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I have the following code in my project:

  int percent = 2;
  int count = 10;
  int percentagefill = (percent/10)*count; 
  System.out.println(percentagefill);

Basically what is happening is that, I'm setting two variables, percent and count. I then calculate the percentage fill. For some strange reason the percentage fill is resulting in a 0, when in this case it should be 2. Any ideas why? Thanks in advance.

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6  
Because you're using integer division and truncating precision. –  Dave Newton Apr 23 '12 at 20:04
    
thanks, what are my alternatives? should i use double instead? –  progdoc Apr 23 '12 at 20:06
2  
"How long?/Has this be goin' on?" - it seems like we see several of these per week. Do people not read the docs when they learn the language? –  duffymo Apr 23 '12 at 20:06

8 Answers 8

up vote 6 down vote accepted

intdivided by int will still result in int. In this case:

(percent/10)*count
= (2/10)*10
= (0) * 10 <-- 0.2 is rounded down to 0
= 0

You can read this question for reference. Also, here's the Java spec where is says that integer division is rounded towards 0. As for the fix, as long as floating point precision does not become an issue, just use double as PaulP.R.O said.

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thanks sorted :) –  progdoc Apr 23 '12 at 20:08

You could divide by 10.0, or change int percent to double percent in order to force a conversion to double. Otherwise, you are getting integer division, which truncates off the decimal part.

Here is a relevant question: "Java Integer Division, How do you produce a double?"

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if you really need the result to be an int, you could do the multiply before the divide to avoid the integer division giving you zero.

int percentagefill = (percent*count)/10;
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Change this line:

int percentagefill = (percent/10)*count; 

To:

double percentagefill = (percent/10.0)*count;

This will use floating point arithmetic (because of the 10.0 instead of 10), and store the result in a double (which has precision past the decimal point unlike an int).

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Paul, that is an implied cast to a different data type. A more explicit data type cast would be more appropriate. roseindia.net/java/beginners/TypeCasting.shtml –  Chris K Apr 23 '12 at 20:12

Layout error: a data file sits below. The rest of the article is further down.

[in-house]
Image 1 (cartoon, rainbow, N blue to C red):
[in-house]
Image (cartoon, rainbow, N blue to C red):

1  
@ChrisK I don't see anything wrong with type promotion... –  Paulpro Apr 23 '12 at 20:20

As others have mentioned, you're losing precision with integer division

The solution depends on your needs: if your result needs to be an integer anyway, multiply first:

int percentagefill = (percent*count)/10;

Could be "good enough" for you (you'll get the correct answer rounded down).

If you need to be able to get fractional answers, you need to convert things to floating point types:

double percentagefill = (percent/10.0)*count;
//                                 ^ the .0 makes this a double,
//                                forcing the division to be a
//                                floating-point operation.
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It's easy to fix:

  int percent = 2;
  int count = 10;
  double percentagefill = (percent/10.0)*count; 
  System.out.println(percentagefill);
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Dave Newton, your answer should have been an answer. :)

The integer 2 / the integer 10 = 0. The integer 0 * the integer 10 = 0.

You will need a float or double data type. While working with information, always be weary of chances for the interpreter to make data type assumptions and "casts". println takes an intefer and casts to a string for display is one example.

Most of my work is in php and when working with values, 0, NULL, ERROR can all be different things and can yield unexpected results. Sometimes you may need to explicitly cast a variable to a different data type to get the intended results.

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This is so due to the fact that you are using the integer data type when you should be using a floating-point data type such as double. This code should result in 2.0:

double percent = 2;
double count = 10;
double percentagefill = (percent/10)*count; 
System.out.println(percentagefill);
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